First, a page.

AAFP Statement: President’s Budget Stabilizes Medicare Payments, Plans for Primary Care Physician Workforce

FOR IMMEDIATE RELEASE   
Tuesday, February 22, 2011

Statement Attributable to:
Roland Goertz, MD, MBA
President
American Academy of Family Physicians


“The fiscal year 2012 budget proposed by President Barack Obama sets the stage for both stabilizing the Medicare physician payment system and building up the primary care physician workforce.

“At a time when we all see the need for austerity in federal spending, we welcome the administration’s recognition that ensuring access to family physicians is integral to better health for Americans and controlled health care spending nationwide.

“By proposing a two-year, paid-for moratorium on the mandatory Medicare pay cuts under the sustainable growth rate formula, the budget, if enacted, would provide respite from the monthly and sometimes bimonthly threats to the financial stability of family physician practices. As small businesses, these physicians could plan in a more predictable economic environment — a prerequisite for ensuring they could remain open to provide health care to their communities. This budget would lay the groundwork for an eventual legislative solution to the dysfunctional Medicare physician payment formula that has destabilized elderly and disabled Americans’ access to the health services they need.

“The AAFP is disappointed that the budget does not include a requested payment differential for primary care specialists in the payment formula; however, while this budget does not lay out a payment formula, it does preserve the 10 percent Medicare incentive for primary care physicians and general surgeons.

“Moreover, the budget proposes National Health Service Corps funding that maintains a commitment to building up the primary care physician workforce — the underpinning of a high quality, efficient health care system. Combined with provisions of the Affordable Care Act, the NHSC budget supports more than 3,000 new medical school loan repayment programs for new physicians who establish practices in underserved areas. Budget recommendations for Title VII of the Public Health Service Act, again if Congress enacted them into law, would support innovative programs that would produce an additional 2,500 physicians and physician assistants over five years.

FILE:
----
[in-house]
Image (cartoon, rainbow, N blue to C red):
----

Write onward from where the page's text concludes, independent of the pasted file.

“Americans depend on primary care physicians for access to immediate care as well as ongoing and comprehensive health services. Our health care system depends on primary care for coordination of services that prevents duplication and fragmentation and that helps control health spending. The administration’s FY 2012 budget for health care programs is a step in the right direction to reinforcing the foundation of family medicine and the health care system that it supports.”

Editor's Note: To arrange an interview with Dr. Goertz, contact Leslie Champlin, 800-274-2237, Ext. 5224, or lchampli@aafp.org.

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Founded in 1947, the AAFP represents 115,900 physicians and medical students nationwide. It is the only medical society devoted solely to primary care.

Approximately one in four of all office visits are made to family physicians. That is nearly 214 million office visits each year — nearly 74 million more than the next largest medical specialty. Today, family physicians provide more care for America’s underserved and rural populations than any other medical specialty. Family medicine’s cornerstone is an ongoing, personal patient-physician relationship focused on integrated care.


To learn more about the specialty of family medicine, the AAFP's positions on issues and clinical care, and for downloadable multi-media highlighting family medicine, visit www.aafp.org/media. For information about health care, health conditions and wellness, please visit the AAFP’s award-winning consumer website, www.FamilyDoctor.org(www.familydoctor.org).